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The stories of three Yankees from baseball backwaters

Baseball is a global sport, but three Yankees were born places where few other major leagues emanate from.

World Baseball Classic - Puerto Rico Day 2 Photo by Al Bello/Getty Images

The reach of baseball globally has grown over the years. Just in the last couple years, we’ve seen players from South Africa, Lithuania, and other countries less known for their baseball prowess.

Throughout their history, the Yankees have featured some players from these places, and it dates back right to the early days of the team.

John Anderson

The impetus for this post was John Anderson. In the offseason after the first ever New York Highlanders team took the field, they acquired Anderson in December 1903. Anderson was coming off his ninth major league season. The Highlanders got him for 37-year old Jack O’Connor. He also happened to have been born in Norway.

Anderson was born in December 14, 1873 in Sarpsborg, Norway. When he was eight years old, his family immigrated to the United States, moving to Worcester, MA. He would have been in the country 13 years when he started playing for Worcester of the New England League. By the end of that year, he was playing for the then Brooklyn Grooms of the National League.

He played one full season for the Highlanders in 1904, putting up decent numbers for that era and helping them nearly win the pennant. In 1905, he struggled in 32 games with the teams and was put on waivers.

He played the remainder of that season and the following year with the Washington Senators. The Senators were an absolute trash fire in 1907, and Anderson eventually became fed up with the team’s manager and just left. He spent the rest of the year playing semi-pro baseball, and was sold to the White Sox ahead of the 1908 season. He played one more major league season and one more in the minors before retiring.

Harry Kingman

Hong Kong born Austin Brice made his major league debut in 2016. That came 102 years after China born Harry Kingman briefly played for the Yankees.

Kingman was the son of missionaries and was born while his family was in China in 1892. Seven years after he was born, his father became sick and the family moved to the United States.

His father took a job as chaplain at Pomona College, which allowed Kingman to enroll in the school despite reportedly not having great grades and being a bit of a troublemaker. However in the sports arena, he excelled. He was a five sport star.

The Washington Senators took notice of Kingman and signed him in 1914. But before he even played a game, they traded him to the Yankees. Due to Kingman’s tall frame, manager Clark Griffith thought he could turn him into a pitcher. Kingman did end up playing four games as a first baseman for the Yankees, but the pitching thing never ended up working out. After those four games, Kingman never played in the major leagues again.

Kingman’s post baseball career ended up being much more fascinating. He ended up returning to his birth country as a missionary. Some personal artifacts from that period of Kingman’s life include a letter he received from Mahatma Gandhi. Later during World War II, he and his wife became vocal opponents of the forced relocation of Japanese-Americans. Kingman would also move to Washington DC and founded a lobbying organization, dealing chiefly with civil rights issues. He died in 1982.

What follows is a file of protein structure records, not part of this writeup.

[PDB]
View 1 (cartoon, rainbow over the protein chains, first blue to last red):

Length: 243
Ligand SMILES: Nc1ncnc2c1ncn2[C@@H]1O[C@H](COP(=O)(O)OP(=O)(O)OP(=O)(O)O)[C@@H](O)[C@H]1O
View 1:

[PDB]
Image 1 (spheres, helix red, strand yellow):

Tony Solaita

The lone player after to come from American Samoa made a very brief appearance with the Yankees in 1968.

As a boy, Tolia Solaita, known as “Tony”, played the game of Kilikita, a Samoan form a cricket and also the country’s national sport. That helped him pick up the game of baseball when his family moved to Hawaii when he was eight.

At his first little league practice, Solaita had to be shown which way to run around the bases. He was also given a glove and placed at second base, but later disposed of the glove and played barehanded. He became a natural at the game, and later caught the eye of the Yankees, who signed him in 1965.

He impressed in the minor leagues and was called up at 21 years old. Soliata played one game for the Yankees in 1968. He replaced Mickey Mantle at first base and got one at bat, striking out.

At that point, it seemed like the Yankees considered Soliata a star of the future, but began to bury him in the minor leagues after that. Despite protecting him ahead of the 1968 expansion draft, Soliata didn’t even make it back to Triple-A until 1970. Then after a slow start the next year, he was demoted to Double-A. By that time, he had been surpassed by other Yankees prospects.

Soliata was finally traded away from the Yankees in 1973. In 1974, he returned to the majors with the Kansas City Royals. After that, he played six solid years with the Royals, Angels, Expos, and Blue Jays. Soliata went on to have an excellent career in Japan, hitting at least 30 home runs in all four seasons he played there.

The Giants tried to sign him in Soliata after his Japan years, but he decided he was done playing baseball. After visiting Samoa with his brother, Soliata decided to move back to his birth place. He went there with a goal of helping spread baseball in Samoa, and started a little league program there.

While in Samoa, Soliata had also built and established a meat market. A dispute with another man over land eventually led to Soliata’s murder in 1990. He was only 43.


These three different people, born in different parts of the world, all came over to the United States and had an impact on baseball and Yankees’ history.

Sources

http://www.baseball-reference.com/players/a/anderjo01.shtml

http://sabr.org/bioproj/person/9f4a0fc7

http://www.baseball-reference.com/players/k/kingmha01.shtml

http://sabr.org/bioproj/person/789104fb

http://www.baseball-reference.com/players/s/solaito01.shtml

http://sabr.org/bioproj/person/86186fe8